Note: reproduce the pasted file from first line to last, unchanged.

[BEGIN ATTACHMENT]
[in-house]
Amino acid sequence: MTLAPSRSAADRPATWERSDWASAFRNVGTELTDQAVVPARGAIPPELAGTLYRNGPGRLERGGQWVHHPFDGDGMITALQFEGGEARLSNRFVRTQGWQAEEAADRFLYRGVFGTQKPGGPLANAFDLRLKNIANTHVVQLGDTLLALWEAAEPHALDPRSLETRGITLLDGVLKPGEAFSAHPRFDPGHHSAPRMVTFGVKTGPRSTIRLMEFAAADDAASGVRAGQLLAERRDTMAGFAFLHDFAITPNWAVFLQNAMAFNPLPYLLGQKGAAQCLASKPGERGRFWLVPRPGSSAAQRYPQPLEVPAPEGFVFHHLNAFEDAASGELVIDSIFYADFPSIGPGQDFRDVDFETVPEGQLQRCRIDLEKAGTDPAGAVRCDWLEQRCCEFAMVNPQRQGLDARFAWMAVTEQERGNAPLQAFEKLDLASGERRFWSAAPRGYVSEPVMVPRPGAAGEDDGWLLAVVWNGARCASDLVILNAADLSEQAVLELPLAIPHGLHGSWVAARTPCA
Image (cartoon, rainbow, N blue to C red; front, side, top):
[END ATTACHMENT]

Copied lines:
[in-house]
Amino acid sequence: MTLAPSRSAADRPATWERSDWASAFRNVGTELTDQAVVPARGAIPPELAGTLYRNGPGRLERGGQWVHHPFDGDGMITALQFEGGEARLSNRFVRTQGWQAEEAADRFLYRGVFGTQKPGGPLANAFDLRLKNIANTHVVQLGDTLLALWEAAEPHALDPRSLETRGITLLDGVLKPGEAFSAHPRFDPGHHSAPRMVTFGVKTGPRSTIRLMEFAAADDAASGVRAGQLLAERRDTMAGFAFLHDFAITPNWAVFLQNAMAFNPLPYLLGQKGAAQCLASKPGERGRFWLVPRPGSSAAQRYPQPLEVPAPEGFVFHHLNAFEDAASGELVIDSIFYADFPSIGPGQDFRDVDFETVPEGQLQRCRIDLEKAGTDPAGAVRCDWLEQRCCEFAMVNPQRQGLDARFAWMAVTEQERGNAPLQAFEKLDLASGERRFWSAAPRGYVSEPVMVPRPGAAGEDDGWLLAVVWNGARCASDLVILNAADLSEQAVLELPLAIPHGLHGSWVAARTPCA
Image (cartoon, rainbow, N blue to C red; front, side, top):